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Claim federal railway funding while it's still there

BY DI EDITORIAL BOARD | JANUARY 24, 2012 7:20 AM

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The Iowa Legislature and Gov. Terry Branstad should heed the results of an ongoing study on the construction of a passenger rail system connecting local cities to the Chicago area and accept federal funding for the project.

The Federal Railroad Administration last year approved a $782 million funding package, including a $230 million grant for new locomotives and cars for a passenger rail system that would effectively connect every major city in the Midwest — including routes from Iowa City to Chicago via the Quad Cities.

If executed correctly, the project would carry immediate and long-term benefits. The required construction would put thousands of Iowans to work and breathe some much-needed fresh air into the ailing American manufacturing industry. In the long term, the railway would enable more cost- and fuel-efficient travel for tens of millions throughout the Midwest.

But this train has encountered plenty of barriers.

Branstad and the Legislature have withheld support of the project because of a significant statewide subsidy that would be needed to keep it running — millions each year, the administration estimates. Currently, there is not much funding available for transportation. Even without the proposed railway costs to consider, state officials are mulling an 8-cent gas-tax increase to offset the state's road-construction deficit.

An additional 2 cents has the potential to raise $44 million in state revenue — just $6 million shy of Branstad's savings and efficiencies quota. Though higher fuel prices are often viewed in a negative light, it would make sense that a state devoid of highway tolls pay an additional gas tax. Also, the higher the cost of gasoline, the more likely people will opt to board a passenger train, thus offsetting the costs further.

Critics also fear that the project could fall to the same fate as California's high-speed rail system through Los Angeles, which incurred extremely high costs. But the Midwest project is much leaner and has much more potential benefits.

Combating a volatile political and physical landscape, California has seen the projected costs of its railway triple since it was first proposed, according to the Los Angeles Times. The latest plan, released in November, projects the total costs to exceed $98 billion — around $2,669 per California resident. For comparison's sake, Iowa's contribution to the project should cost around $137 million, or approximately $46 per resident.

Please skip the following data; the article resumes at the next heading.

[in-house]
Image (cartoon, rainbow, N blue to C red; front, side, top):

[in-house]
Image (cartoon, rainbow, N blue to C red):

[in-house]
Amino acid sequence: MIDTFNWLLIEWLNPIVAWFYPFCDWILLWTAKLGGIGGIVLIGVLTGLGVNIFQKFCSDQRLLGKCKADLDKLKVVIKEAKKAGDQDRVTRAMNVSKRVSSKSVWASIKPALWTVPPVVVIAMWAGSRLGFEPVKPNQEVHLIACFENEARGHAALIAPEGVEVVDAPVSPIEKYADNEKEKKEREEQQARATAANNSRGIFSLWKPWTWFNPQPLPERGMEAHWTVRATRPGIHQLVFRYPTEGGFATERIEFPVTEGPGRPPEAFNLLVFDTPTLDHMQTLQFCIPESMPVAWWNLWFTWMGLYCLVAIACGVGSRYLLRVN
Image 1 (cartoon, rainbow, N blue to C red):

While state funds are tight, and the current political climate deters this type of spending, the benefits of the rail project could outweigh the costs if it were to be implemented correctly.

According to estimates by the Office of Rail Transportation, nearly 600 jobs per year would be created over four years during design and construction. Even though the unemployment rate in Iowa is one of the nation's lowest at 5.7 percent, the rate in the construction industry is more than double that at 13.3 percent, according to September data from the Associated Builders and Contractors Iowa Chapter. These newly employed workers would contribute millions to the state's economy.

While difficult to predict, there will surely be an increase in economic activity at each of the rail's stops. It is estimated that an increase of $25 million in business activity would occur each year after the completion of the rail. This increase would also contribute to the tax base, which would help fund the project.

Funding could also come from the municipalities that would directly benefit from the creation of the rail service. Some form of a local tax increase or fee in order to help pay for the project could be created through a council vote or ballot initiative. If a municipality declines to contribute funding for the project, the rail would pass through a different town instead. These free-market principles are already employed through the bidding system used by independent contractors throughout the state for other developments.

The project is being currently studied by the Iowa Department of Transportation.

Amanda Martin, the freight and passenger rail policy coordinator for the Office of Rail Transportation, says that the study is largely due to federal regulation.

"We have to look at several routes in the state," she said. "Federal requirements [demand] an evaluation of potential service and ridership and impacts on the environment."

Environmental consciousness has contributed to public demand for the rail service. As with bus and subway systems, passenger rail reduces each passenger's carbon footprint. American locomotive companies such as CSX have developed technologies that sharply cut emissions and still maintain speed and economic efficiency. The resources are available to make the rail viable in all senses of the word.

As Iowa Sen. Matt McCoy, D-Des Moines, pointed out in a letter to Branstad, there is $87 million in federal funding earmarked for the project that could be lost because of delays by Iowa leaders.

Action is needed as soon as possible. The potential benefits from the project are numerous and ought to be considered in today's economic, political, and environmental atmospheres.


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